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Employees are a vital part of the economic infrastructure in California. As such, they are well protected through federal and state laws that ensure they have certain rights. These laws help regulate meal and rest breaks and overtime compensation and protect employees from workplace discrimination as the result of personal identifiers, such as religion, gender, gender identity, and more. Unfortunately, one of the most common forms of workplace discrimination comes as the result of an employee’s race. While forms of this discrimination may be unintentional, employees, regardless of race, have the right to work in an environment free of intentional and unintentional racial bias.
At Nosratilaw, A Professional Corporation, our employment attorneys know how frustrating and hurtful these actions and behaviors can be. Our employment lawyers work with you to ensure employers, coworkers, and those who choose to discriminate against you because of race are held accountable for their actions and behaviors.
Beginning with the Civil Rights Act of 1964, employees have been protected from discrimination in the workplace based on personal identifiers. In the years since, the laws have increased those protections to ensure that employees remain protected. The California Fair Employment and Housing Act is one such law that helps to protect employees specifically from racial discrimination and harassment.
These protections apply to practices involving hiring, promoting, demoting, and terminating employees. Unfortunately, proving that an employee has been victimized by workplace racial discrimination is difficult. Incidents that an employee may feel are racially motivated are often masked behind other legal avenues. Documenting incidents and keeping a record of information can help in the investigation process.
In order to prove workplace discrimination in Lancaster, CA, it is imperative that you have specific examples of the behavior in question. It is not always as obvious as using racial epitaphs, telling racially based jokes, or a person coming right out and saying they do not like you because of your race. Workplace racial discrimination can result in an employee’s wrongful termination, being passed over for a promotion, or as a part of a refusal to hire. In these examples, along with others, it is difficult to ascertain the motivation, but there are some questions you can ask yourself to help, including:
These types of behaviors are considered discriminatory or retaliatory and may be illegal. However, employers may not even realize the pattern is emerging. If you feel you or a coworker is experiencing discrimination because of their race, there are steps you should take, including:
While it may be difficult to report examples of racial discrimination in the workplace for fear of retaliation or being accused yourself, it is an important step in ensuring your employer is held accountable and is treating their employees fairly and appropriately.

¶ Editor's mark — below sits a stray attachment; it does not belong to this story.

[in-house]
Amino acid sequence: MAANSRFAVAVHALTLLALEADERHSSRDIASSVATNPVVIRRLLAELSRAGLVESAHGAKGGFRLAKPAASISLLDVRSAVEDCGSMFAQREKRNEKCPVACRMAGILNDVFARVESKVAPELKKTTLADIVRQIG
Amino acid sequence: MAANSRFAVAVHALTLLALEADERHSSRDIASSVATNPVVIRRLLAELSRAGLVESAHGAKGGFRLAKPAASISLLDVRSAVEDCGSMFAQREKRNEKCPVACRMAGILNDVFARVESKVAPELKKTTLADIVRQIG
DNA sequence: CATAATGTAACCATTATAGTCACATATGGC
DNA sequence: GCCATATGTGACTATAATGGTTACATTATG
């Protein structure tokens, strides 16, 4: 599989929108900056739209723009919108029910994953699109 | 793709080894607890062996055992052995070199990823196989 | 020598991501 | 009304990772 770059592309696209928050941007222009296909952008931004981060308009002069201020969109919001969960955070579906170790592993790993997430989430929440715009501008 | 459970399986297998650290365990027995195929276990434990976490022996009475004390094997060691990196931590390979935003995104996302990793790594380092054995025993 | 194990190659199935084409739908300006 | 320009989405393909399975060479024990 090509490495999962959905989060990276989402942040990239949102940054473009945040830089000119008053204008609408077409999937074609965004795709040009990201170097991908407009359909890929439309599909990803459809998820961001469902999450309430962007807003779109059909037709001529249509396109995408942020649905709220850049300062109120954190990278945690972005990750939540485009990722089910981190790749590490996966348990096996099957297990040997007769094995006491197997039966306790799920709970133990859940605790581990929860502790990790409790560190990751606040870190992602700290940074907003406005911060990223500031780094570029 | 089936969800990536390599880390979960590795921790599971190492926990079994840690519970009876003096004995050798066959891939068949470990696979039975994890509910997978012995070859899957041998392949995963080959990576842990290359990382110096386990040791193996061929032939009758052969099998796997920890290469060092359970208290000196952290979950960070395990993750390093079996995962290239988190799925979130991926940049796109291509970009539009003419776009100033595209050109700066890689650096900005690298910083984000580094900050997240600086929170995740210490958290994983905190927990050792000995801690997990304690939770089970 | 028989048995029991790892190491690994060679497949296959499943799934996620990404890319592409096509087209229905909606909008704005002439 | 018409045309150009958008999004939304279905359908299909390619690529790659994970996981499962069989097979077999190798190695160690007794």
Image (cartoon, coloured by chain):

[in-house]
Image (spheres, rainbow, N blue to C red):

A: The most common damages sought in a workplace discrimination claim are lost wages or benefits that are a direct result of the violation. If, for example, you miss work because of the discriminatory behavior or are denied salary increases and bonuses as a result of reporting such violations, then you may be entitled to recover those damages. In some cases, you may be entitled to economic damages for emotional distress as well.
A: The California Fair Employment and Housing Act is the state-level protection provided to individuals in the workplace. It states that employees shall not be harassed or discriminated against because of personal identifiers such as age, race, religion, gender, gender identification, and more. Employers who violate these acts are not only subject to state penalties but may be required to compensate employees who are the target of the violation.
A: For most employment violations, the statute of limitations is three years from the time of infraction for any claims filed in state court under the Fair Employment and Housing Act. However, the statute of limitations is significantly less for federal filings to the Equal Employment Opportunity Commission, at just 300 days. Your attorney can help you navigate both processes, but it is important to speak to one as quickly as possible.
A: Working with your attorney, you will first file a formal complaint with your employer, who will have the opportunity to correct the violation. In the event this does not yield results, you will work with your attorney to file a claim with the Civil Rights Department or the Equal Opportunity Employment Commission. After their initial investigation, you could then be provided a Right to Sue notification, which allows you to proceed with a civil suit.
Experiencing any type of discrimination in the workplace is not only frustrating but can make the work environment very difficult. Often, employees stay silent for fear of retaliation or thinking they will not be taken seriously. This can often lead to employees having to contend with potential hostile work environments. If you feel you or a coworker are a victim of workplace discrimination based on race, you should seek the help of skilled and experienced employment lawyers. Our team at Nosratilaw, A Professional Corporation, understands how distressing these types of experiences are and is ready to help you investigate and hold responsible those who may be at fault. Contact our offices today for a free consultation, and let us help protect your employment rights.